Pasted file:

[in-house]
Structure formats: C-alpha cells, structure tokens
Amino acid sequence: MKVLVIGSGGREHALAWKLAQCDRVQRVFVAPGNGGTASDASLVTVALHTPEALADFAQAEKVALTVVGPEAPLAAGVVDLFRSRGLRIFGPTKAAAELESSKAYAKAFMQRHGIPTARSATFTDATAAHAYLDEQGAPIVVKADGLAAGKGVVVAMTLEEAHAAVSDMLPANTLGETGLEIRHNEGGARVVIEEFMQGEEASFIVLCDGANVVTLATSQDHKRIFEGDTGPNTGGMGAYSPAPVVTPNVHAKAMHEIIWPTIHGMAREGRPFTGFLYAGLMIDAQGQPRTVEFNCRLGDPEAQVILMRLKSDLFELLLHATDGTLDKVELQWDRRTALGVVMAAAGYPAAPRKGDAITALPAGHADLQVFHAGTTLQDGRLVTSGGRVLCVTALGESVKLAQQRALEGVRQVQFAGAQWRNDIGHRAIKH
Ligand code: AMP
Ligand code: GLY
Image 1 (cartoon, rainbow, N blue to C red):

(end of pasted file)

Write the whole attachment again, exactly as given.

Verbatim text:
[in-house]
Structure formats: C-alpha cells, structure tokens
Amino acid sequence: MKVLVIGSGGREHALAWKLAQCDRVQRVFVAPGNGGTASDASLVTVALHTPEALADFAQAEKVALTVVGPEAPLAAGVVDLFRSRGLRIFGPTKAAAELESSKAYAKAFMQRHGIPTARSATFTDATAAHAYLDEQGAPIVVKADGLAAGKGVVVAMTLEEAHAAVSDMLPANTLGETGLEIRHNEGGARVVIEEFMQGEEASFIVLCDGANVVTLATSQDHKRIFEGDTGPNTGGMGAYSPAPVVTPNVHAKAMHEIIWPTIHGMAREGRPFTGFLYAGLMIDAQGQPRTVEFNCRLGDPEAQVILMRLKSDLFELLLHATDGTLDKVELQWDRRTALGVVMAAAGYPAAPRKGDAITALPAGHADLQVFHAGTTLQDGRLVTSGGRVLCVTALGESVKLAQQRALEGVRQVQFAGAQWRNDIGHRAIKH
Ligand code: AMP
Ligand code: GLY
Image 1 (cartoon, rainbow, N blue to C red):